Roistering sea captain Jonathan Clark, who poaches seal pelts from Russian Alaska, meets and woos Russian countess Marina in 1850 San Francisco. Events separate them, but after an exciting ... See full summary »
On the H.M.S. Defiant, during the French Revolutionary Wars, fair Captain Crawford is locked in a battle of wills against his cruel second-in-command Lt. Scott-Paget whose heavy-handed command style pushes the crew to mutiny.
Burt Lancaster plays a pirate with a taste for intrigue and acrobatics who involves himself in the goings on of a revolution in the Caribbean in the late 1700s. A light hearted adventure ... See full summary »
Mary Rafferty comes from a poor family of steel mill workers in 19th Century Pittsburgh. Her family objects when she goes to work as a maid for the wealthy Scott family which controls the ... See full summary »
Toward the end of his life, F. Scott Fitzgerald is writing for Hollywood studios to be able to afford the cost of an asylum for his wife. He is also struggling against alcoholism. Into his life comes the famous gossip columnist.
In 1807, Captain Horatio Hornblower leads his ship the HMS Lydia on a perilous voyage around Cape Horn and into the Pacific. The men, even his officers, don't know exactly where he is leading them. England is at war with Napoleon and everyone wonders why they have been sent so far from the action. They eventually arrive on the Pacific coast of Central America where the HMS Lydia has been sent to arm Don Julian Alvarado, who is planning an attack against France's Spanish allies on the North American continent. The hope is that Alvarado's forces will require the French to divert some of their military resources to North American defense in the aid of their Spanish allies. He arrives to learn that a Spanish Galleon is en route and he no sooner captures it and hands it over to Alvarado that he learns the Spanish are now England's allies and he must take it from Alvarado. He also gets a very comely passenger in the form of Lady Barbara Wellesley, sister of the Duke of Wellington. The ... Written by
The ship Bush and Hornblower board to meet the admiral at the end of the movie is the actual HMS Victory, currently dry-docked at Portsmouth, England. As Admiral Horatio Nelson's flagship at Trafalgar, she still commissioned as an official vessel of the Royal Navy, and the only surviving, original ship of the line still in existence. See more »
It's 1807, and when Hornblower invites his officers for dinner before they go to capture the Natividad, they toast the King while sitting down, rather than standing to do so. This privilege was only given to the Royal Navy after 1830 when William IV became King. He had been a Royal Navy officer for many years himself, and knew how cramped things were on a ship, making standing for a toast difficult. (The book makes a point of mentioning the fact that this practice was not allowed.) See more »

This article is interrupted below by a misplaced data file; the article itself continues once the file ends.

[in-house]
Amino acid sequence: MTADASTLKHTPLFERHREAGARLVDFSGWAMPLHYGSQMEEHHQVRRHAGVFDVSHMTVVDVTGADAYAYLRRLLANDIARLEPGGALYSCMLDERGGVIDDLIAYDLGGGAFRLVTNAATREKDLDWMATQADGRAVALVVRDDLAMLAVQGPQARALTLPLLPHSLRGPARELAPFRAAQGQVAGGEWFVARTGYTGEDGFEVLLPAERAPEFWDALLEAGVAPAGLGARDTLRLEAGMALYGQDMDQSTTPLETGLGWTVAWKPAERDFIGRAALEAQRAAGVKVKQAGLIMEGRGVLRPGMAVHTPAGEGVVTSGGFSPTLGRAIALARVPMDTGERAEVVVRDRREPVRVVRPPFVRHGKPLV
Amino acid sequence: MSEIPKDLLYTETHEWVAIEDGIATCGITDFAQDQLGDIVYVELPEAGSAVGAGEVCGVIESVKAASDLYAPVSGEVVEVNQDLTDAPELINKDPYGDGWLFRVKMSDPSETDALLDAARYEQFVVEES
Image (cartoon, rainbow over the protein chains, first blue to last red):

In the year Eighteen Hundred and Seven, a small ship of the Royal Navy set sail from England for a secret destination. With five million French and Spanish soldiers poised on the Continent under Napolean, nothing could save England from invasion except her 300 ships. HMS Lydia was soon far beyond battle-charged Europe. Under the most secret of sealed orders, she sailed for southern waters, fought her way around the Horn... headed north again into the Pacific. For seven months, she ...
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I've seen this splendid movie many times and it just gets better. There's such a good balance between the spectacles of graceful tall ships at sea, then moments of battle, cannon roars exploding, crashing masts when all h... breaks loose onboard, shipwrecks -- so many exciting exploits of war in the Napoleonic era. Interspersed in all this are the tender interludes of romance, anguished moments of caring for dying crew members, homecomings that are too late, and it goes on.
Gregory Peck as Capt. Horatio Hornblower fills the role superbly, and Virginia Mayo as Lady Barbara is exquisite, tender and sincere. I almost wished those two had really married after the film was completed, but I'm dreaming of course. Denis O'Dea, as Rear Admiral Leighton, is a substantial supporting actor and a favorite of mine. As a rugged seaman, there's a young James Robertson Justice who is also destined for greater roles to come. I particularly liked him in The Sword and the Rose (1953), as King Henry VIII, a lighthearted adventure.
Enjoy this Capt. Horatio action-filled movie. Ah, the days of seafaring adventures!
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